A bjt amplifies BOTH current & voltage. It wouldn't be too useful otherwise. That's what seperates active circuits from passive ones. A transformer can increase voltage while decreasing current, or vice-versa. Transformers are passive so the net power gain cannot exceed unity. A bjt is active & offers current gain & voltage gain both greater than unity in unison.

Regarding Ic, there are 3 equations.

1) Ic = beta*Ib.

2) Ic = alpha*Ies*exp((Vbe/Vt)-1).

3) Ic = alpha*Ie.

Equation 3) describes transistor action. Ie is the emitter current. When an npn bjt emitter injects electrons towards the base, they go straight through the base region since it is very thin, and get collected by the electric field in the collector base region. Alpha is very close to 1 for a good transistor. If the base region was not thin, most of the electrons would recombine in the base and never reach the collector. In that case, alpha is low, much less than unity. Thus Ic is determined by Ie and alpha. A low alpha value makes the device just 2 diodes back to back.

Equation 2) displays the voltage gain properties of a bjt, and eqn 1) shows its current gain. By the way, either alpha or beta always appears in all equations. Eqn 2) is usually stated w/o the alpha, but remember that Ies*exp((Vbe/Vt)-1) is not the collector, but the emitter current. An *alpha* factor must be multplied into the Ie to get Ic. Thus Ic = alpha*Ies*exp((Vbe/Vt)-1).

Eqn 1) describes "current gain". Eqn 2) describes "voltage gain" or "transconductance". Eqn 3) describes the "physical transistor action". All 3 of these functional relations are all important. Every electrical device in the universe requires both current & voltage for its operation. Some devices are better suited to be driven from a high impedance source, or "current driven". Others are better driven from a low impedance source, hence "voltage driven".

All 3 eqns are important. Did I help?
 
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BrownOut

Banned
Equation 2) displays the voltage gain properties of a bjt, and eqn 1) shows its current gain. By the way, either alpha or beta always appears in all equations. Eqn 2) is usually stated w/o the alpha, but remember that Ies*exp((Vbe/Vt)-1) is not the collector, but the emitter current. An *alpha* factor must be multplied into the Ie to get Ic. Thus Ic = alpha*Ies*exp((Vbe/Vt)-1).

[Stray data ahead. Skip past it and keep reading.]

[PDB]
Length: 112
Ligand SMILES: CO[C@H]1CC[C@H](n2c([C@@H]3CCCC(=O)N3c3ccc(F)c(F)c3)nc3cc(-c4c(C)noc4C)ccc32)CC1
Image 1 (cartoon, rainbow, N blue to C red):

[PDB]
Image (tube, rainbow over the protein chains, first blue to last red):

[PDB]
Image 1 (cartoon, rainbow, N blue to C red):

Be very careful not to get confused by thinking that the OP's equations for collector current is the same as equation 2 stated without alpha. His equation calcualtes collector current directly as an approximation of base diffusion current. The constant in his equation is abbreviated as "Is":

IC = Is*e^vbe/vt
IE = IC/α

That isn't the same equation as (2) given above and ignoring alpha.
 
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Be very careful not to get confused by thinking that the OP's equations for collector current is the same as equation 2 stated without alpha. His equation calcualtes collector current directly as an approximation of diffusion current. The constant in his equation is abbreviated as "Is":

IC = Is*e^vbe/vt
IE = IC/α

That isn't the same equation as (2) given above.
Is, or Ies, same thing. The "Is" notation is used when describing diodes. There is only 1 junction in a diode, 2 terminals. A bjt has 2 junctions, b-c, & b-e. Since the emitter & collector regions have different doping levels, they have differing scaling currents. The Ebers-Moll equations specify "Ics" for the c-b scale current, & "Ies" for that of the b-e junction. I am not the least bit "confused". The alpha factor cannot be omitted. The collector current depends on alpha all the time for any bjt.

If the base region was so wide that no electrons (npn polarity) make it through the base to the collector, the equation Ic = alpha*Ies*exp((Vbe/Vt)-1), still holds. The result is zero Ic, since alpha would be zero. Without the alpha factor, the Ic value predicted by the equation is wrong. You can never omit alpha. The exponential without alpha is the emitter current.

Collector current is simply the emitter current times alpha. That is the most basic relation. Of course, Ie cannot be established w/o Ib & Vbe. Ib & Vbe are indispensable since Ie couldn't exist w/o them. Hence eqns 1) & 3) account for the functional relations involving Ib & Vbe.